The Risks Digest

The RISKS Digest

Forum on Risks to the Public in Computers and Related Systems

ACM Committee on Computers and Public Policy, Peter G. Neumann, moderator

Volume 11 Issue 85

Saturday 8 June 1991

Contents

o DoD News Release on missed Scud intercept at Dhahran
Scott A. Norton
o Thrust reversers
Mary Shafer
o RISKS of Management Attitudes
Tim Steele
o Company BBS eavesdropping
Andy Duane
o Re: Government should have less access?
Michael L. Duerr
Martin Ewing
o Re: Government listening to the airwaves
John Gilmore
Geoff Kuenning
o EFFector Online 1.07: S.266 Loses First Round
Christopher Davis
o Proposed Credit Reporting legislation
Mike Cepek
o Caller-ID and Risks/Benefits of reusing commands
David Lesher
o UUNET sending Usenet tapes to the FBI
Rick Adams
o The Activated Active Badge Project
anonymous
o Info on RISKS (comp.risks)

DoD News Release on missed Scud intercept at Dhahran

Lt Scott A. Norton, USN <norton@manta.nosc.mil>
7 Jun 91 16:25:47 GMT
Here is the DoD News Release that provides some information on the failure of
Patriot batteries to intercept the Scud missile that hit the Dhahran barracks.
-Scott Norton <norton@NOSC.MIL> [Quoted text follows]

 Assistant Secretary Of Defense, Public Affairs, Pentagon, Washington DC
  A/V 225-3886 (912)695-3886
       - - - - - - -
  DEPARTMENT OF DEFENSE NEWS
   WEDNESDAY, JUNE 5, 1991
        * * * * * * * *

 Department of Defense News Editor:  Mr. Frank Falatko

                   - - - - - - - - - - - - - - -
MEMORANDUM FOR CORRESPONDENTS, WEDNESDAY JUNE 5, 1991

REPORT ISSUED ON SCUD MISSILE ATTACK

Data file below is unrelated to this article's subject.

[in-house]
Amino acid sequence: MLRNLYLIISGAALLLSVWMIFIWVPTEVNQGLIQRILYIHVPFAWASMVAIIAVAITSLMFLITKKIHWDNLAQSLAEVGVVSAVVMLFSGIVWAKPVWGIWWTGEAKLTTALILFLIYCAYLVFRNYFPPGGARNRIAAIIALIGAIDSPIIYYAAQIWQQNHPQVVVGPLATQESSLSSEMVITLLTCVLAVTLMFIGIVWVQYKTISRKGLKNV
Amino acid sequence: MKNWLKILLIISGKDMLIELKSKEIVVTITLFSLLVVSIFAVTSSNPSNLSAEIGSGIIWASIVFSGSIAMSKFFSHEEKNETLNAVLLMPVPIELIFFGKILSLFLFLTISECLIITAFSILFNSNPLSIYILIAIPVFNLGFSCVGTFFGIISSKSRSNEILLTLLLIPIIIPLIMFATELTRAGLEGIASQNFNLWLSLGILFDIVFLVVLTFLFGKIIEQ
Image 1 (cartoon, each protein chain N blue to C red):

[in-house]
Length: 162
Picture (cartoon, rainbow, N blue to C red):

The Department of the Army announced today the results of its review of
the investigations pertaining to the Scud missile attack against Dhahran, Saudi
Arabia, on February 25, 1991:

    That evening a Scud missile impacted into a warehouse used by U.S. Forces
as a barracks in Dhahran, Saudi Arabia, killing 28 and -wounding 98 U. S. Army
soldiers.

    Two investigations were initiated shortly after the attack.
One focused on Patriot operations and the other on actions taken at the
barracks that was attacked.

    The investigation of Patriot operations concluded that an inexact computer
software calculation is the most likely explanation as to why the battery did
not effectively detect or track the incoming Scud.  A similar problem of this
nature was first documented on February 20 after analysis of an earlier Scud
engagement.  The four days of continuous operation by the battery, caused by
increased day and night Scud activity, are thought to have compounded this
software problem.  Updated software fixing this problem and containing other
improvements arrived at the battery's location on February 26.

    The investigation of the barracks concluded that Scud attack procedures
were properly followed.  More specifically, upon warning of a potential Scud
attack, soldiers had instructions to go inside or get under cover in either
concrete bunkers or bomb shelters, if available, and to put on helmets and
chemical protective gear.  It was impossible to determine precisely how much
warning time the soldiers ha but it appears that they were alerted
approximately 30 seconds prior to the Scud's impact.  Both U. S. and Saudi
emergency medical response was timely.

    The investigation of Patriot operations was conducted in theater by
officers from the 11th Air Defense Artillery Brigade.  An independent technical

review from the Patriot Project Office at Redstone Arsenal concurred with the
findings of the investigation.

    Six Patriot batteries were located in the Al Jubayl-Dhahran- Bahrain area.
Two were positioned to engage this Scud missile.  One of these batteries was
out of action for repair of a radar receiver.  The remaining battery was